In conclusion, exposure to PC monitor radiation may act as a risk factor for the occurrence of oxidative stress-based cornea and lens pathologies. The potent free radical scavenger and antioxidant, vitamin C, may protect lens tissues from oxidative damage, thus preventing organ dysfunction. Considering the widespread use of computers, it will be essential to evaluate the long-term effects of computer monitor radiation on the eye, as well as protective measures. There is a need for further study with different frequencies and exposure periods in order to discover the effects of PC monitor radiation-induced oxidative stress in the eye.


  1. Mortazavi SM, Ahmadi J, Shariati M. Prevalence of subjective poor health symptoms associated with exposure to electromagnetic fields among university students. Bioelectromagnetics. 2007; 28:326-30. [PMID: 17330851]
  2. Anisimov VN, Arutiunian AV, Burmistrov SO, Zabezhinskiĭ MA, Muratov EI, Oparina TI, Popovich IG, Prokopenko VM, Frolova EV. Effects of radiation from video display terminals of personal computers on free radical processes in rats. Biull Eksp Biol Med. 1997; 124:192-4. [PMID: 9410208]
  3. Davanipour Z, Tseng CC, Lee PJ, Sobel E. A case-control study of occupational magnetic field exposure and Alzheimer's disease: results from the California Alzheimer's Disease Diagnosis and Treatment Centers. BMC Neurol. 2007; 7:13 [PMID: 17559686]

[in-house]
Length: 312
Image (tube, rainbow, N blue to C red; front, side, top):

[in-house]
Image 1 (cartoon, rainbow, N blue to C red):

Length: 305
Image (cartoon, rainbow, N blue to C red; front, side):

4. Hakansson N, Gustavsson P, Sastre A, Floderus B. Occupational exposure to extremely low frequency magnetic fields and mortality from cardiovascular disease. Am J Epidemiol. 2003; 158:534-42. [PMID: 12965879]
  5. Loomis DP, Savitz DA. Mortality from brain cancer and leukaemia among electrical workers. Br J Ind Med. 1990; 47:633-8. [PMID: 2207035]
  6. Wertheimer N, Leeper E. Electrical wiring configurations and childhood cancer. Am J Epidemiol. 1979; 109:273-84. [PMID: 453167]
  7. Pinholster G. The Cheshire cat phenomenon: effects of nonionizing electromagnetic radiation. Environ Health Perspect. 1993; 101:292-5. [PMID: 8275983]
  8. Anisimov VN, Popovich IG, Zabezhinskii MA, Muratov EI, Nikitina VN, Kalinina NI. Effect of radiation emitted from personal computer terminal on urethan-induced lung tumors in mice. Vopr Onkol. 1996; 42:77-81. [PMID: 8686250]
  9. Stewart-DeHaan PJ, Creighton MO, Larsen LE, Jacobi JH, Ross WM, Sanwal M, Guo TC, Guo WW, Trevithick JR. In vitro studies of microwave-induced cataract: separation of field and heating effects. Exp Eye Res. 1983; 36:75-90. [PMID: 6825735]
  10. Kues HA, Hirst LW, Lutty GA, D'Anna SA, Dunkelberger GR. Effects of 2.45-GHz microwaves on primate corneal endothelium. Bioelectromagnetics. 1985; 6:177-88. [PMID: 4004950]
  11. Ozguner F, Bardak Y, Comlekci S. Protective effects of melatonin and caffeic acid phenethyl ester against retinal oxidative stress in long-term use of mobile phone: a comparative study. Mol Cell Biochem. 2006; 282:83-8. [PMID: 16317515]
  12. Brocklehurst B, McLauchlan KA. Free radical mechanism for the effects of environmental electromagnetic fields on biological systems. Int J Radiat Biol. 1996; 69:3-24. [PMID: 8601753]
  13. Simko M. Cell type specific redox status is responsible for diverse electromagnetic field effects. Curr Med Chem. 2007; 14:1141-52. [PMID: 17456027]
  14. Simko M, Mattsson MO. Extremely low frequency electromagnetic fields as effectors of cellular responses in vitro: possible immune cell activation. J Cell Biochem. 2004; 93:83-92. [PMID: 15352165]